The mutual fund assets of Putnam Investments
have fallen to their lowest level in over ten years, the Financial Times
reported Monday. On Friday, the Boston-based fund group announced the proposed merger of its two of its funds, and new management for its largest fund.
According to data released by Financial Research
, Putnamís mutual fund assets, excluding money market funds, fell to $99.5 billion at the end of March, after investors withdrew approximately $4 billion in the first quarter of 2006. This drop comes in the wake of outflows in 2005 of $21 billion, higher than those at any of the other large U.S. fund groups.
Putnamís fortunes have failed to turn around since 2003 -- when Putnam paid $190 million to settle charges that its employees had improperly traded shares of their own mutual funds -- but the investment exodus began before the scandal. All told, investors have withdrawn $100 billion from Putnam over the past years, bringing its managed assets down to less than half of their peak total of $240 billion in 1999.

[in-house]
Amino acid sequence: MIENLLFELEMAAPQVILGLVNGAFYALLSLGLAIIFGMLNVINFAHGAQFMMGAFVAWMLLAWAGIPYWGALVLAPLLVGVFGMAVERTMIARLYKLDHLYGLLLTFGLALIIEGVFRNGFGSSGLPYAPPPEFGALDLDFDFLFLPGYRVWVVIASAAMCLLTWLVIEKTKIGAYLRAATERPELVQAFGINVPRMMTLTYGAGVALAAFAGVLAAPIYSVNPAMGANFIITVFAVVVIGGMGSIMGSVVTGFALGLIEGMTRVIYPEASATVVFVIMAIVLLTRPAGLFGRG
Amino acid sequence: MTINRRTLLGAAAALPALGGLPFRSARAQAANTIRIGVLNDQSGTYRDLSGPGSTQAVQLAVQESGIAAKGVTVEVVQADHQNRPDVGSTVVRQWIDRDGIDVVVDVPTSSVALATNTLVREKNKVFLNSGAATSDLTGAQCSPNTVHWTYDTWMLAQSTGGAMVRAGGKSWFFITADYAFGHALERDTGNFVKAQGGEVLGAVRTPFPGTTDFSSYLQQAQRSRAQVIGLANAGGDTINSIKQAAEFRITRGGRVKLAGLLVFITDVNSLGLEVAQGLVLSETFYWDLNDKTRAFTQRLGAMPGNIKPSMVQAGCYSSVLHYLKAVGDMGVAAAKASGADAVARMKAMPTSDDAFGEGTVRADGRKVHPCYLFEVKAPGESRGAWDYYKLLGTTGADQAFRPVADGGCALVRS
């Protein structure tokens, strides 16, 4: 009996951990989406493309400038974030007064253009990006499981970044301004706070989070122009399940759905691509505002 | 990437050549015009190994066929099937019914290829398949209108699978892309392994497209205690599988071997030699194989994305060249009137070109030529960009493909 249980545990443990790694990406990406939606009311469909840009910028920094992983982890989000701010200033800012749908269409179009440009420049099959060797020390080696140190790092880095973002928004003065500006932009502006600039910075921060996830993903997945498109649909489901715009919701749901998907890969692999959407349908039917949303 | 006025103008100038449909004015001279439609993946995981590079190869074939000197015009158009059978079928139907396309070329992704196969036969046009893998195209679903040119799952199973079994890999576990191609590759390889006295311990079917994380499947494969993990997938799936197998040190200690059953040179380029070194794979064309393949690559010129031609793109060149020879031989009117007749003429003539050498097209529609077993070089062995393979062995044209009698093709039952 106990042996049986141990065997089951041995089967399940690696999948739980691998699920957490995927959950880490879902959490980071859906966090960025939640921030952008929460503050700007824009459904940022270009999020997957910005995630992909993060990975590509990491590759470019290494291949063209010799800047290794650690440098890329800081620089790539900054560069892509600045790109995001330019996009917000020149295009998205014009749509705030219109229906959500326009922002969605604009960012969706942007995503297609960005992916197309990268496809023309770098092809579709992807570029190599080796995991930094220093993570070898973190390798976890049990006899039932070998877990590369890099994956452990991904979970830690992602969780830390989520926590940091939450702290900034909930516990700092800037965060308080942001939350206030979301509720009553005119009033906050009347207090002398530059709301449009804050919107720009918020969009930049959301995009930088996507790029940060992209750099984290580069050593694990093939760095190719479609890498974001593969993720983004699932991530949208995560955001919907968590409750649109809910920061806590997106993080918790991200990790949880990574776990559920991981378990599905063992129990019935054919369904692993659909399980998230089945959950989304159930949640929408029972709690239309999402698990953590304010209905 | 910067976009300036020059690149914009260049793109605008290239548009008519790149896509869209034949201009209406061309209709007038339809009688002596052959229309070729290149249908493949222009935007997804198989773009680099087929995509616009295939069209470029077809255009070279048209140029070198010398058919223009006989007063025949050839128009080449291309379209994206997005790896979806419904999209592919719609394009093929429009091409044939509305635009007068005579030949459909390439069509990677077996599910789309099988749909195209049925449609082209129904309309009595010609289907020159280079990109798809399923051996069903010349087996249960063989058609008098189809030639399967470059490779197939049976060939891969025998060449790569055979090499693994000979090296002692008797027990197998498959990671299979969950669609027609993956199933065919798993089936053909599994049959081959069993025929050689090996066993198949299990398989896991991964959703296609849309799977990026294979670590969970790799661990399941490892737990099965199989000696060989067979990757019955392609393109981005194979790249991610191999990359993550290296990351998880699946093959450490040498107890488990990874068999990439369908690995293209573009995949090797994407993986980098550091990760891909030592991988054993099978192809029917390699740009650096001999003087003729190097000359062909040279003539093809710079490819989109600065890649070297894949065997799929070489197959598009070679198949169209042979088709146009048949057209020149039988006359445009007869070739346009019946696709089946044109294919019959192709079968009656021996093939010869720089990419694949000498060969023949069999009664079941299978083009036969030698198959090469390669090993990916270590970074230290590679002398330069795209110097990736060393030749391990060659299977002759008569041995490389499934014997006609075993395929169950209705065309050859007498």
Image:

who replaced Lawrence Lasser
as president and CEO, has overseen fund fee reductions, ad campaigns, layoffs, and the replacement of a majority of the companyís top executives, all in an effort to get Putnam back on its feet.
It's not certain whether recent operational changes are connected to the firm's continuing woes. On Friday,Reuters
reported that Putnam has replaced the manager of the Putnam Fund for Growth and Income
, Putnamís largest fund offering. Eric Harthun
, previously a portfolio member of the Putnam Small Cap Value Fund
, and deputy head of investments Joshua Brooks
will serve as co-portfolio leaders of the Fund for Growth and Income. Current portfolio leader Hugh Mullin
will leave Putnam after ten years as a manager for the fund. He has been the portfolio leader since 2002.
The $15.6 billion fund, which peaked at $32.3 billion in 2000, returned 5.2 percent in 2005, and 6.47 percent so far in 2006.
The trustees of Putnam have also decided to merge two of the firmís funds. Under the proposal, the Putnam Managed High Yield Trust
, a closed-end fund with net assets of approximately $67 million, would be merged into the Putnam High Yield Trust
, an open-end fund with net assets of $2.41 billion. In a press release, Putnam cited the two fundsí ďsimilar investment objectives and strategiesĒ as the main reason behind the merger.
According to Putnam, the merger would result in lower shareholder expenses for the Putnam Managed High Yield Trust, and should be tax-free. The merger must approved by the shareholders of the Putnam Managed High Yield Trust prior to a special shareholder meeting August 8. If completed, it will bring a 1 to 2 percent redemption fee for those wishing to redeem or exchange their shares.
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